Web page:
The Nottingham Industrial Museum (NIM) hosts a large number of exhibits relating to the city's industrial heritage, ranging from medieval clocks to locally made motorcycles of the early 20th century. One such exhibit is their steam powered Basford Pumping Engine which served Nottingham from 1858 until 1965, when it was finally decommissioned and put up for preservation by the Nottingham Arkwright society.
While the traditional signage around the museum offers good context for an exhibit, I feel pieces such as the NIM's Beam Engine require something more, this is where the Augmented Cutaway comes in.
The Augmented Cutaway is primarily an educational tool; one that has been designed to give its user a better context to understand a museum exhibit with. In its current form, the application works with the Nottingham Industrial Museums Basford Beam Engine and allows the user to build it using physical cards that are attributed to the machines components.
Machines like the Beam Engine spend the majority of their time motionless, as they're both expensive to run and are there to be preserved. Without movement though, these machines are little more than ornaments, standing motionless except for those rare days where they'll be fired and run. Not only does the Augmented Cutaway offer insight into the engine's workings, it demonstrates the machines movement in a safe, sustainable and accessible way.
Nearby is a video demonstration. This video shows the 4 cards that the user manipulates to build the beam engine. Each one represents a component of the machine: the Pistons, the Governor, the Flywheel and the Valve chest. Each card can be interacted with individually by showing it to the camera but if the user is to turn them over, they can be arranged into a larger image. This larger image represents the Beam engine as a whole. When this composite image is shown to the camera, the whole engine is rendered and with this, the user is able to move around it and observe the machines operation.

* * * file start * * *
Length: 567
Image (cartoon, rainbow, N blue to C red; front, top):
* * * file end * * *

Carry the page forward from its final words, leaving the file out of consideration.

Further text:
To maintain realism within my project and ease strain on production, I initially planned on utilizing the original plans for the machine from 1857. These were unavailable however and as a result of this, I methodically took measurements and pictures of the machine to use for 3D modelling the asset.
Reconstruction, Animation and Texturing
Once a sufficient amount of notes and pictures had been taken, I proceeded to model the asset in Autodesk Maya. Once the 3D model had been completed, I animated the asset using Maya and textured it using a Photoshop extension called Quixel.
Using a Unity Extension called Vuforia, I developed the application. While my experience mainly lies with Unreal Engine 4, the skills I possessed with it proved to be transferable to Unity 3D. First I linked up the initial cards and then moved onto the larger composite card, making sure that the Beam Engine animation was triggered when the card was observed.
Execution of the application